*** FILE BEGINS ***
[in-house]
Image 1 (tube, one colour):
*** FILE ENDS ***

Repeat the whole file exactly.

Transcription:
[in-house]
Image 1 (tube, one colour):